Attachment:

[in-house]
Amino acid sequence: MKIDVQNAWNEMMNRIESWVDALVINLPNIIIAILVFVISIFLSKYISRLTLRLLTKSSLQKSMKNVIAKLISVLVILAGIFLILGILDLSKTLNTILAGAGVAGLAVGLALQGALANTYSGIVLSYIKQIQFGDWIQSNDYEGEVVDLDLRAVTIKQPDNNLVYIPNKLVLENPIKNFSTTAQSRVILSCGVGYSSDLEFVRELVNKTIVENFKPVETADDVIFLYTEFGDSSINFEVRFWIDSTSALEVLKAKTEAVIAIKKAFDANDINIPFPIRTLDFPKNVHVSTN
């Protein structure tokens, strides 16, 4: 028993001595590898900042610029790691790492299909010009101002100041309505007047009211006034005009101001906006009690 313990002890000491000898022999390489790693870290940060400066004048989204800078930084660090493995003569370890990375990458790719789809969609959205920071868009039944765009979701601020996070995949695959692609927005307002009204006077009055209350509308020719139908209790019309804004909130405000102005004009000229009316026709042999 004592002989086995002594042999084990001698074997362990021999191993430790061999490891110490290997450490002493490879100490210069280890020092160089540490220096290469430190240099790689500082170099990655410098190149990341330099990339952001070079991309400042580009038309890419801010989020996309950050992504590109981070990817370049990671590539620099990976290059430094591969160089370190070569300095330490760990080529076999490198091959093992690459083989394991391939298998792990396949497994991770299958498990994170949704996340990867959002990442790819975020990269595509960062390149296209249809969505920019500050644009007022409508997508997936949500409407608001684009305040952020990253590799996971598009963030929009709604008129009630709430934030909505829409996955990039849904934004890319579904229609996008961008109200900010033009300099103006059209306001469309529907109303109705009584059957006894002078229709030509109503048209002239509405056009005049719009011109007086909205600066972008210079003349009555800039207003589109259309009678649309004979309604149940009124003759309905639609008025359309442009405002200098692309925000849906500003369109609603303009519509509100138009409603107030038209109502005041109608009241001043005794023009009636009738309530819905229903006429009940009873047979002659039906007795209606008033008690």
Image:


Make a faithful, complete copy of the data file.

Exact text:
[in-house]
Amino acid sequence: MKIDVQNAWNEMMNRIESWVDALVINLPNIIIAILVFVISIFLSKYISRLTLRLLTKSSLQKSMKNVIAKLISVLVILAGIFLILGILDLSKTLNTILAGAGVAGLAVGLALQGALANTYSGIVLSYIKQIQFGDWIQSNDYEGEVVDLDLRAVTIKQPDNNLVYIPNKLVLENPIKNFSTTAQSRVILSCGVGYSSDLEFVRELVNKTIVENFKPVETADDVIFLYTEFGDSSINFEVRFWIDSTSALEVLKAKTEAVIAIKKAFDANDINIPFPIRTLDFPKNVHVSTN
């Protein structure tokens, strides 16, 4: 028993001595590898900042610029790691790492299909010009101002100041309505007047009211006034005009101001906006009690 313990002890000491000898022999390489790693870290940060400066004048989204800078930084660090493995003569370890990375990458790719789809969609959205920071868009039944765009979701601020996070995949695959692609927005307002009204006077009055209350509308020719139908209790019309804004909130405000102005004009000229009316026709042999 004592002989086995002594042999084990001698074997362990021999191993430790061999490891110490290997450490002493490879100490210069280890020092160089540490220096290469430190240099790689500082170099990655410098190149990341330099990339952001070079991309400042580009038309890419801010989020996309950050992504590109981070990817370049990671590539620099990976290059430094591969160089370190070569300095330490760990080529076999490198091959093992690459083989394991391939298998792990396949497994991770299958498990994170949704996340990867959002990442790819975020990269595509960062390149296209249809969505920019500050644009007022409508997508997936949500409407608001684009305040952020990253590799996971598009963030929009709604008129009630709430934030909505829409996955990039849904934004890319579904229609996008961008109200900010033009300099103006059209306001469309529907109303109705009584059957006894002078229709030509109503048209002239509405056009005049719009011109007086909205600066972008210079003349009555800039207003589109259309009678649309004979309604149940009124003759309905639609008025359309442009405002200098692309925000849906500003369109609603303009519509509100138009409603107030038209109502005041109608009241001043005794023009009636009738309530819905229903006429009940009873047979002659039906007795209606008033008690």
Image: